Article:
Arlo Parks on “Collapsed in Sunbeams” | Under the Radar Magazine Under the Radar | Music Blog for the Indie Music Magazine
Saturday, February 24th, 2024  

Arlo Parks on “Collapsed in Sunbeams”

A Series of Vignettes

Dec 24, 2021 Photography by James Loveday (for Under the Radar) Issue #68 - Japanese Breakfast and HAIM (The Protest Issue)
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First and foremost, Arlo Parks is a poet. Born Anaïs Oluwatoyin Estelle Marinho, Parks grew up in London both as a storyteller and an amalgamation of her family’s varying music taste. Raised on ’80s French pop, Prince, and her uncle’s record collection that ranged from Sade to Bob Dylan to Earth, Wind & Fire, Parks had a solid musical foundation when she picked up a guitar at 13. By the time Parks was a teenager her storytelling had evolved to poetry and now with a guitar in hand it transitioned to songwriting.

“I was teaching myself how to make loops on Garageband and how to make beats in general,” Parks remembers. “And I started uploading demos to SoundCloud when I was about 15 or 16. And then it just kind of all went from there. I mean, I wrote ‘Cola’ when I was 17 and then I guess we’re here.”

Now 20, here is Parks’ debut album, Collapsed in Sunbeams. The record, much like Parks’ previous material, is a series of vignettes based on writings in her journals.

“The idea behind the album was just kind of discovering and processing things in my life that have shaped me up till now,” she says. “I wanted it to be a kind of time capsule of my adolescence. So it was a lot of looking to the past for inspiration.”

Although most of her material focuses on looking and reexamining her past—“I write in order to process things, I write in order to understand things”—Collapsed in Sunbeams also features Parks’ past for another reason: lockdown. She began writing the album pre-pandemic, but as with everything, the original plan was upended and instead saw Parks and her producer Gianluca Buccellati “basically holed up in this Airbnb in East London for a few weeks” as they focused on nothing except the album.

“It was strange, it was quite intense being immersed in the bubble of an album to that extent, you know, there were no distractions, no other responsibilities other than to write, which was quite intimidating, but also very liberating,” she says, “it gave me a sense of purpose.”

Despite the change of circumstances, Parks doesn’t think her debut would’ve been much different without the pandemic. “I think I would be probably pulling from things and situations that were happening in the moment and I mean, nothing was happening, which is why I was looking to the past. But I definitely think there’s always been this urge in me to uncover the things that have shaped me, so I think I would have gone down that route in some capacity or another.”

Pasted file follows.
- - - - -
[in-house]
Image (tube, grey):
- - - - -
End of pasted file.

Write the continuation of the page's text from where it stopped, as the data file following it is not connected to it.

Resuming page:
When asked which song by someone else she wished she had written, Parks contemplates for a second before deciding on “Ivy” by Frank Ocean. Parks loves so many things about “Ivy.” “The way that he is singing and his lyrics, they’re not opaque,” she explains. “Everyone can understand them, but that’s the beauty of them. Everyone has been in that position either of unrequited love or things dissolving. And that idea of we’re not kids anymore.”

The elements Parks loves in Ocean’s songs also appear in her own discography. Parks sings about everything tenderly, even when talking about grief, loneliness, and, like Ocean, unrequited love. It’s not often a young person can so eloquently understand and reflect on their experiences, but on “Green Eyes,” one of the lead singles from Collapsed in Sunbeams, Parks sings about the struggles of self-acceptance with wisdom beyond her years.

Living through things is often hard in and of itself as a teenager, and yet Parks processes her experiences and packages them up into miniature stories of self-discovery, first loves, and the sometimes crushing weight of young existence.

“I feel like everything that I write is about people,” she says. “It’s about how they love and what they love and what they hate, what frustrates them, and also I guess, just about humanity. I mean, not necessarily just myself, but friends. And my favorite thing to write about is definitely more kind of concrete. I’m really bad at writing about abstract things like ideas and metaphors, I’m just talking about what’s happening, what I’m seeing with my eyes.”

[Note: This article originally appeared in Issue 68 of Under the Radar’s print magazine, which is out now. This is its debut online.]

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